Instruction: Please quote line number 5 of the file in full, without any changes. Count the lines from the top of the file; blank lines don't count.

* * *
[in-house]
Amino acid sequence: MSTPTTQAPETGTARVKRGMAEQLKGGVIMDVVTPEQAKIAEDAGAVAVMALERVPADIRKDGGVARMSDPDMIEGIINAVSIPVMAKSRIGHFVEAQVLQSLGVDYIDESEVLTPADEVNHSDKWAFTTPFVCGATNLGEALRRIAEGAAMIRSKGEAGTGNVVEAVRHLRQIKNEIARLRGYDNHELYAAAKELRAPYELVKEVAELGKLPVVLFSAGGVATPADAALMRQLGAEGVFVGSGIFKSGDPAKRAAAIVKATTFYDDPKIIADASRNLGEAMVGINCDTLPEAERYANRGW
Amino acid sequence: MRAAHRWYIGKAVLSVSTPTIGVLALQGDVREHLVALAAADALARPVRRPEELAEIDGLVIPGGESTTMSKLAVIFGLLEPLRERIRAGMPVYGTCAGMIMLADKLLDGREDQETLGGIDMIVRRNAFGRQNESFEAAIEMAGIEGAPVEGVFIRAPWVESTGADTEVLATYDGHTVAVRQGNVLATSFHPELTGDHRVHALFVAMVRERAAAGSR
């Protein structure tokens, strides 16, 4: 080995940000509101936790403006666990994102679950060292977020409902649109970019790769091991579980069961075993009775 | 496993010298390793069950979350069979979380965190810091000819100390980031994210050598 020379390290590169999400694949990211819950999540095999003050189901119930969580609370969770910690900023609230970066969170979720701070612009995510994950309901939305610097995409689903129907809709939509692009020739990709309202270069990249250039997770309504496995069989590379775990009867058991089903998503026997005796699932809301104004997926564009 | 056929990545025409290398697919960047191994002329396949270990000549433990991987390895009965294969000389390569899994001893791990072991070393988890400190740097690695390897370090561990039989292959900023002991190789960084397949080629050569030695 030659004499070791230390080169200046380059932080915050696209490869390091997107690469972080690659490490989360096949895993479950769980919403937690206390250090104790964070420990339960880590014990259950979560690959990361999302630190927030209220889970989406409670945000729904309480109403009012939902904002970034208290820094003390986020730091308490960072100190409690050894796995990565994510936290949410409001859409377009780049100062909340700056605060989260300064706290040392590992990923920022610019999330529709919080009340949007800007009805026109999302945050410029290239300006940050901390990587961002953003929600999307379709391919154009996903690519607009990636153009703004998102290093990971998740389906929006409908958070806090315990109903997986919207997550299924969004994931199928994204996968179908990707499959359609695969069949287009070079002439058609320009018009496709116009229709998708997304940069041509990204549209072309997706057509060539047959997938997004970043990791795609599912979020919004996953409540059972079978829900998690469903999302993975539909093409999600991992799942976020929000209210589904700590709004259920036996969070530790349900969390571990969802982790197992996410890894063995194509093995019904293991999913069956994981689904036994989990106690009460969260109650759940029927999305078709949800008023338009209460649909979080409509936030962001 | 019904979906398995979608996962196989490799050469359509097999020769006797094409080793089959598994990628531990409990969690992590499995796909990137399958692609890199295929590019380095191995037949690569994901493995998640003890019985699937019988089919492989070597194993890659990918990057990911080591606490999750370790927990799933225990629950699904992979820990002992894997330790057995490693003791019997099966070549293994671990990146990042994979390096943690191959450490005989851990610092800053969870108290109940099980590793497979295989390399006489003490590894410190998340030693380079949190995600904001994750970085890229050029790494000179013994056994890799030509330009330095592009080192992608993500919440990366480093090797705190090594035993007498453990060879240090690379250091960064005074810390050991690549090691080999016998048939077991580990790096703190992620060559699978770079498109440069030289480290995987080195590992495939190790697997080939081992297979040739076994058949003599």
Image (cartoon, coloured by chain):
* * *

Image (cartoon, coloured by chain):